Chinese Companies Are Being Sued By The Pokemon Company Over Mobile Game

Chinese Companies Are Being Sued By The Pokemon Company Over Mobile Game

The Pokemon Company is suing six Chinese companies for their involvement in creating and distributing Pocket Monster Reissue, or "Koudaiyaoguai Fuke," a game that seems to use a lot of Pokemon iconography.

According to a report from the South China Morning Post, the lawsuit was revealed in a stock exchange filing posted today from Shenzhen-listed Jiangyin Zhongnan Heavy Industries Co. Listed as a defendant in the case, Zhongnan Heavy Industries notified investors that this lawsuit could have a material effect on its future earnings, but declined to comment further. The five other companies were not listed.

The suit cites copyright infringement and unfair competition from the six companies over the game Pocket Monster Reissue, which is available on the Apple App Store and Android app stores operated by Tencent, Huawei, and Xiaomi. Ads for the game seem to directly lift several Pokemon, such as Oshawott, Tepig, and Pikachu. Ash holding a Poke Ball can clearly be seen as well. Even the game's icon seems to be an exact copy of Pokemon Yellow's cover image, including the "special Pikachu edition" subtext in English.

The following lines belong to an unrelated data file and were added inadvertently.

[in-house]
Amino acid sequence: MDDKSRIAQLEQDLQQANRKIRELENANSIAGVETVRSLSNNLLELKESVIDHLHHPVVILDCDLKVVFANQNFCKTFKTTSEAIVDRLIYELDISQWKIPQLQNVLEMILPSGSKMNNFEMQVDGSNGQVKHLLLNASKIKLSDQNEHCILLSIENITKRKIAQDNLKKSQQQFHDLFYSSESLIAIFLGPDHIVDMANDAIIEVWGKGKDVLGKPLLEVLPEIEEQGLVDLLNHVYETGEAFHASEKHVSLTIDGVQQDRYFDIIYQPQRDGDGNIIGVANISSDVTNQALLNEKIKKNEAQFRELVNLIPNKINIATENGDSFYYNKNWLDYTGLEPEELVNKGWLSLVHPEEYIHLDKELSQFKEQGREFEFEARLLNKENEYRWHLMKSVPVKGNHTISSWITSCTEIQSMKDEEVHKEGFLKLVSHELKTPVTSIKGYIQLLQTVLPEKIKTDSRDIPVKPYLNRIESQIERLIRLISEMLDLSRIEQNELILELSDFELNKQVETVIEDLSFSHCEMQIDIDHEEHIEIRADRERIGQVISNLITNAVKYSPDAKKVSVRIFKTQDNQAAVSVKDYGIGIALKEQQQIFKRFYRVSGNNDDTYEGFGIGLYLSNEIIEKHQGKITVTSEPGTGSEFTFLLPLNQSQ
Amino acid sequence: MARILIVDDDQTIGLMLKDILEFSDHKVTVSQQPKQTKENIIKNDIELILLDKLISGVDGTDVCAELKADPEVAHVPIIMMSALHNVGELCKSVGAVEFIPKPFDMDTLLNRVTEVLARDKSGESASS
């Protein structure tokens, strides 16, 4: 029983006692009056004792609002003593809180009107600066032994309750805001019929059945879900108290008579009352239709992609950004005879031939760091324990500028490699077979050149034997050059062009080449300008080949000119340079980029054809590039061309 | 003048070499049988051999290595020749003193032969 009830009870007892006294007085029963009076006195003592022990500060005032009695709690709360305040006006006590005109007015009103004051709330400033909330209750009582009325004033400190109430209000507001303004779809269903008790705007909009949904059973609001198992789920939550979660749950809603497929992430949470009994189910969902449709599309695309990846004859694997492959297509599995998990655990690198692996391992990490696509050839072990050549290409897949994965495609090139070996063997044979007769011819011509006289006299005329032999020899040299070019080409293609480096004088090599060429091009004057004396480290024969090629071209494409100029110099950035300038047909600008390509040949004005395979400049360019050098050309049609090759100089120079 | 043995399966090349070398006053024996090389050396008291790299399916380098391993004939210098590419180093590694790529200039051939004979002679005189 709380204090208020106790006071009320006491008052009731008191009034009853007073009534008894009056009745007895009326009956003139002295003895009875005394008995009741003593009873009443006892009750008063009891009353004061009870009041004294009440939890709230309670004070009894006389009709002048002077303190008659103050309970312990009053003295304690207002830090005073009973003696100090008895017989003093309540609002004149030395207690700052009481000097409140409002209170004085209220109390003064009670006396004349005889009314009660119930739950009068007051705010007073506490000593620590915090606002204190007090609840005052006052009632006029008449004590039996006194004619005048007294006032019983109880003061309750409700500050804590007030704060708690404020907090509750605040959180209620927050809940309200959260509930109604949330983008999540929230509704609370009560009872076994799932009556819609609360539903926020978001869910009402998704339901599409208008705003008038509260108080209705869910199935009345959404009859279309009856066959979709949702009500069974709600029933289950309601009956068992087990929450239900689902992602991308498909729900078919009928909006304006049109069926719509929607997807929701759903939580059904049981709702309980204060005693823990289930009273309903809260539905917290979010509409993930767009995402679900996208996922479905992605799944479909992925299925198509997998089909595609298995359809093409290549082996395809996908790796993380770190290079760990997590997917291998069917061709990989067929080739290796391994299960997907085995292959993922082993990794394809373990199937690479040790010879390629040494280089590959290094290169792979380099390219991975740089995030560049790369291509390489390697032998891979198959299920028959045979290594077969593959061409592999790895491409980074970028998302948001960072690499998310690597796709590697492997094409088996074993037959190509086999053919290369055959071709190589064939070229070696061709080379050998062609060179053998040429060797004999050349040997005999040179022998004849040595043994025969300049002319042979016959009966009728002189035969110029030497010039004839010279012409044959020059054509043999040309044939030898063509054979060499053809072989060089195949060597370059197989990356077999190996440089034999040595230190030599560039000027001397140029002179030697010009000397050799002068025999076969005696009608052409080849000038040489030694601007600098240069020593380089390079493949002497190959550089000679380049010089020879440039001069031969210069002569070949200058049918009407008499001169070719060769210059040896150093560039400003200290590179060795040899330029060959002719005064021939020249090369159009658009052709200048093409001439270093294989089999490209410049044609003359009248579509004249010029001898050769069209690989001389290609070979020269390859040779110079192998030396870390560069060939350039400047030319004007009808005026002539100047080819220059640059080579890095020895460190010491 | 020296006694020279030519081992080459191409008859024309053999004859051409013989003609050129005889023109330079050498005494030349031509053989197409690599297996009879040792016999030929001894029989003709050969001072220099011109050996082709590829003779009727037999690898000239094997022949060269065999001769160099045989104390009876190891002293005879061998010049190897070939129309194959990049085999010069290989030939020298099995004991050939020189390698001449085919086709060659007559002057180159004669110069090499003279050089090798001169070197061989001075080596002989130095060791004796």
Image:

Pocket Monster Reissue was apparently a huge moneymaker for Zhongnan Heavy Industries. A year after the game's release in 2015, Zhongnan reported 300 million yuan in revenue (roughly $43 million USD), with monthly turnover exceeding 30 million yuan.

The Pokemon Company is seeing damages of 500 million yuan (around $72.5 million USD) and apologies on popular Chinese social media sites such as,, and It’s also looking to cease distribution, operation, and promotion of Pocket Monster Reissue on all mobile app platforms in China.

In other Pokemon news, Pokemon Scarlet & Violet just revealed the creepy new Grafaiai, which was teased via silhouette earlier this week. The Pokemon has enormous bug-like eyes, large ears, and a lithe, sinewy body, perfect for swinging for trees and rocks in Paldea. Fans suggested that Grafaiai may have been inspired by the aye-aye, a primate in Madagascar with an equally striking appearance.

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